KUALA LUMPUR, Malaysia, Dec. 26, 2022 /PRNewswire/ -- After surviving the impact of the COVID-19 pandemic and facing a global economic recession, what is the best strategy to ensure development goals are met in a country like Malaysia? Nurture new technological skills in the workforce to ensure the country remains digitally competitive in 2023–and beyond.
Indeed, despite the growing number of tech layoffs that have made the news across Asia, IT remains one of the fastest growing sectors in the Malaysian market. A report by GlobalData Market Opportunities Forecasts that IT expenditure in Malaysia will reach RM103.75 billion in 2023. The Malaysia Digital Economy Corp (MDEC) predicts the demand for tech talent will rise at a compound annual growth rate (CAGR) of 7.59% per year over the next three years. Cybersecurity, Software-as-a-Service conferencing solutions, E-commerce, and IoT are four areas forecast for growth.
However, there remains a large gap between growing technology needs and existing digital skills of the local Malaysian workforce. A host of private public partnerships have emerged to fill this gap, including the # Mydigitalmaker movement, the Digital Skills training directory, Let's learn Digital, and more. At the same time, private programs such as Practicum Malaysia – a leading global provider of data science and programming boot camps–are seeing a surge of interest.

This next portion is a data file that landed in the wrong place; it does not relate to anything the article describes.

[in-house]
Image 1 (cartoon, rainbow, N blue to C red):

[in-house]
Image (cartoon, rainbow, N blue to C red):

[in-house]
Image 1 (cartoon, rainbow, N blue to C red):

According to Herdian Mohammad, Southeast Asia Director of Practicum: "While Practicum is new to Malaysia, we're already seeing a large demand, both from tech employees who want to ensure their skill sets remain relevant in this uncertain economy, as well as from people who want to reskill and become part of the digital revolution."
An increase in local programming and interest from international bootcamps in expanding to Malaysia is critical for a country ranking relatively low in digital skills: Malaysia ranked 7 out of 9 APEC countries in Workday's 2022 "Digital Agility Index" which revealed that 79% of Malaysian organizations are still lacking in digital competence.
Development of local tech talent is key both for Malaysia's 2023 economic forecast and towards fulfilling the country's digital ambitions. The blistering pace of digital growth will open up more job opportunities and put the pressure on non-tech industries to mirror developments in tech.